How did China become so mighty?

Image via Debating Europe

When I was a schoolboy in the 1940s, I felt sorry for the poor Chinese.

I was taught they were doomed to famine because their enormous population—400 million—exceeded the carrying capacity of the land.

The saying was that if the Chinese marched four abreast past a given point, they would march forever, because by the time the first 400 million had passed, there would be another 400 million behind them.

All this was too bad, because the Chinese were a highly civilized people and in some ways very wise.  For example, they paid their doctors when they were well and not when they were sick.  But, so I was taught, they were hopelessly behind the times.

Now China has a billion more people than it had then.  While some of them, especially the rural villagers, are poor by European and North American standards, none are in danger of starvation anytime soon.

The fertility rate of Chinese women is below the replacement rate, so the imaginary columns of marching Chinese would end at some point.

And much more importantly, the Chinese in many ways have replaced us Americans as pace-setters for world progress.  Charts in my previous post show some benchmarks of Chinese progress

The Chinese are the world’s top manufacturing nation and top exporting nationTheir technology is highly advanced.

During the past 20 years in particular, the USA has been struggling with self-created problems–military overstretch, governmental paralysis, racial conflict, while the Chinese have gone from strength to strength.

China’s rise does not, in and of itself, threaten American independence and prosperity.  The reason we Americans should be concerned is that China’s rulers reject America’s professed ideas of democracy, free-market economics and human rights, and yet are moving ahead while we Americans are falling behind.

China’s mercantilism

Click to enlarge.

China’s economic takeoff began shortly after the death of Mao Zedong, when the government shifted from a centrally-planned economy of state socialism to be loosely-guided economy of capitalist mercantilism.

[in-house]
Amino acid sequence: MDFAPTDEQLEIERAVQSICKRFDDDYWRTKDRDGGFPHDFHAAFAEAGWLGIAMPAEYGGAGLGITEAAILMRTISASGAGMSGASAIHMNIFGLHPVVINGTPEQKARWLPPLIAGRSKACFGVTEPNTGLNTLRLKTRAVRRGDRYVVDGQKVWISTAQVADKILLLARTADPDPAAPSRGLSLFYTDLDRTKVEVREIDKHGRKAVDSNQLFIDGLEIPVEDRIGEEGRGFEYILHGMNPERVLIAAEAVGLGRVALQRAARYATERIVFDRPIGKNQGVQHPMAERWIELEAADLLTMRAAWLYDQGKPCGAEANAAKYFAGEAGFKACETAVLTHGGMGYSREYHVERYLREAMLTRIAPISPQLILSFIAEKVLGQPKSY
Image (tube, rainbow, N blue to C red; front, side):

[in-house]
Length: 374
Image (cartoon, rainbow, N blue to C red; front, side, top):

Mercantilists do not believe in unrestricted free enterprise and they especially do not believe in unrestricted free trade.  Instead they believe in supporting industry by means of infrastructure improvements, protective tariffs and other subsidies.

This was the policy of Alexander Hamilton in the USA, of Friedrich List in Germany and of Deng Xiaopeng in China. 

It has been the policy of many countries, not always successfully.  But the Chinese made it work.

American companies were allowed to operate in China, using Chinese labor and gaining access to the huge Chinese market.  But they were subject to certain conditions.  They had to employ Chinese workers—not just blue-collar workers, but engineers and managers.  They had to allow some Chinese ownership.

And, most importantly, they had to transfer technological know-how to the Chinese.

Other countries besides the Chinese set conditions for entering their markets.  When I reported on business for my local newspaper, I was told by Kodak and Xerox managers that these companies had branch plants in Mexico because the Mexican government would not allow them to see film or copies in Mexico unless there was a certain amount of ”value added” in that country.

China represents an extreme and the USA represents another extreme. 

The Chinese government wants foreign investment to add to that country’s industrial base.  The U.S. government doesn’t care.  About 98 percent of foreign direct investment in the United States consists of purchase of existing assets, not investment in new capacity.

In China, private companies are allowed to operate by permission, but it is understood that they exist to advance the government’s policiesEven foreign companies are expected to support the Chinese government’s goals.

In the USA, government mostly operates within the limits set by corporate business.  In China, it is the other way around.

The risk of the Chinese policy is that they can sink a lot of money into projects that never really take off.  But they have had huge successes—for example, Huwei, the manufacturer of 5G telephone equipment, one of the world’s most advanced technologies. 

It was started in 1987 by a hard-driving entrepreneur named Ren Zengfei, an Army veteran, based on a $5,600 loan.

Its original business was reselling telephone switches made in Hong Kong.  Now it is a global company with an estimated $107 billion in revenue (in 2018) and 188,000 employees (in 2019) selling the world’s most advanced telephone technology—5G, for fifth generation.  The significance of this, according to Foreign Policy magazine, is huge:

5G will offer hugely faster data speeds than today’s mobile technology, which is important for consumers. But 5G will also be the technology that ensures artificial intelligence functions seamlessly, that driver-less cars don’t crash, that machines in automated factories can communicate flawlessly in real time around the world, and that nearly every device on earth will be wired together.